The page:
It’s been almost exactly a year since my college graduation and I’ve really thought a lot about this since then.
So why was this feeling of inadequacy such a reoccurring theme in my mind and the minds of SO many other graduates I’ve talked to??
My conclusion is that we are obsessed with the idea of being known, being accepted, and being validated by others. It’s no surprise we are this way though. Living in this age of social media, it’s impossible to escape the highlight reels (b/c they are just people’s highlights, even yours, let’s be honest) of everyone else’s lives. It’s much easier to find yourself comparing your life to others when you are constantly exposing yourself to it. Maybe others are getting married, maybe others are getting their dream job, maybe others are moving across the country—but THEY are not YOU. We are not all going to do the same thing and we are not all going to do them at the same time. We are all in our own process, on our own paths, so why do we expect to all end up at the same destination?? Just because my path does not look like yours, does not mean it is more or less successful. Theodore Roosevelt was on to something when we said, “Comparison is the thief of all joy”.
So how do we practically fight this comparison? To feel as if you are making an impact in the world, and not just taking up space?
Here’s a few practical things that have helped me.
1. GET OFF YO PHONE!
Seriously, limit your time on social media! It’s so easy to get sucked into everyone else’s lives through a screen, but if you find you’re feeling worse about yourself every time you scroll through Instagram- it might be time to take a break. Not only can it make you feel better about yourself because you aren’t constantly exposing yourself to that comparison, you’re freeing up soooo much more time to invest in your own life!! Being fully present with others and even just fully present with myself has done wonders for my passion, intuition and creativity.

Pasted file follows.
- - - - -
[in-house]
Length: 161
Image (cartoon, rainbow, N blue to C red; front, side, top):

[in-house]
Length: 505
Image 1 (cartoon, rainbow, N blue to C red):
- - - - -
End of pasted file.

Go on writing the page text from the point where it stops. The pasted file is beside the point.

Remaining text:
2. Write out your own goals and ambitions.
Get a piece of paper and a pen, sit down without any distractions and really take time to list out what you want to do with your life and what’s important to you. Not what should be important, not typically “good” passions, YOUR PASSIONS. Be as detailed and imaginative as you want. Then…. Find ways to take steps toward that goal! Living a life that is aligned with your God-given, unique passions will leave you so much more fulfilled than trying to keep up with someone else’s.
3. Be in the moment.
I find that when I’m always looking toward a future life I’m working toward, or the past things I’ve done that might have slowed my progress- it really distracts me from the impact I can make today!! You can’t change the past and you can’t control the future- all you have is now. It’s cliché, but it’s so true. How many friendships, opportunities, simple joys of life have we missed because we are so consumed with what we’re doing (or what we’re scrolling through on our phones!).
My sister recently shared a quote with me from a book called, Present Over Perfect, that I think says it best-
“Present is living with your feet firmly grounded in the reality, pale and uncertain as it may seem. Present is choosing to believe that your own life is worth investing deeply in, instead of waiting for some rare miracle or fairytale. Present means we understand that the here and now is sacred, sacramental, threaded through the divinity even in its plainness. Especially in its plainness.”
So as you walk across that stage and throw that graduation cap in the air- remember you are your own person with your own story. Your path is unique to you, no one else’s story would do. Lastly, look how far you’ve already come!! Graduating in itself is proof enough that you can do anything you can put your mind to. Be proud of that! You did it!